NOTE: CISSM and its affiliate, the Program for Public Consultation, published a similar study on this topic in the summer of 2014: "American Attitudes on Negotiations with Iran: A Policymaking Simulation." CISSM published a related study in collaboration with the University of Tehran in September 2014: "Iranian Attitudes on Nuclear Negotiations."
Negotiations over a proposed deal with Iran regarding its nuclear program are coming to a head while a March 2015 study finds a clear majority of Americans – 61 percent – support an agreement that would limit Iran’s enrichment capacity and impose additional intrusive inspections in exchange for the lifting of some sanctions. This included 61 percent of Republicans, 66 percent of Democrats and 54 percent of independents.
The alternative option, being promoted by some members of Congress, calls for ending the current negotiations, and increasing sanctions in an effort to get Iran to stop all uranium enrichment. This approach was recommended by 36 percent.
The study, "Americans on the Iran Nuclear Negotiations," was conducted by the Program for Public Consultation and the Anwar Sadat Chair for Peace and Development at the University of Maryland, with Steven Kull and Shibley Telhami as principal investigators. It was fielded with a representative sample of 710 Americans drawn from GfK’s probability-based KnowledgePanel.
The deal endorsed by a majority specified that Iran could enrich uranium only to the level necessary for nuclear energy, and provided that it accepts intrusive inspections to ensure that Iran is not building nuclear weapons. Some sanctions would be gradually removed, provided that Iran upholds the agreement.
“Americans find convincing the arguments for making a deal as well as for ending the negotiations and ramping up sanctions,” said Steven Kull, director of the Program for Public Consultation. “But when asked to finally decide, a clear majority breaks in favor of a deal.”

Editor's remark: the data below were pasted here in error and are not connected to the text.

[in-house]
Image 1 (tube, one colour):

Respondents were also asked about their views of Israeli President Benjamin Netanyahu giving a speech to Congress, without a diplomatic invitation, on the Iran negotiations. Fifty-one percent thought giving such a speech would be inappropriate, while 48 percent thought it would be appropriate. There were major partisan differences: 65 percent of Democrats thought the speech would be inappropriate, as did 55 percent of independents, while 65 percent of Republicans thought it would be appropriate.
Views of Netanyahu have become more negative among Democrats and independents. As compared to Sadat Chair polling in November, favorable views dropped from 25 to 16 percent while unfavorable views increased from 22 to 26 percent. Among independents favorable views dropped from 21 to 14 percent, while unfavorable views rose from 14 to 21 percent. Republicans are statistically unchanged, with 52 percent favorable.
“It is striking that in only three months, Democrats and independents moved from more holding favorable views of Netanyahu than unfavorable ones, to exactly the opposite,” said Dr. Shibley Telhami, Anwar Sadat professor for Peace and Development, University of Maryland and non-resident senior fellow at the Brookings Institution. “This is almost certainly related to the controversy over his speech to Congress.”
The study was unique in that respondents were first given a briefing on the issue and evaluated arguments for and against the options of making a deal with Iran or pursuing further sanctions. The briefing and arguments were vetted and refined with Congressional staffers from both parties and other experts. Majorities found the arguments for both options convincing.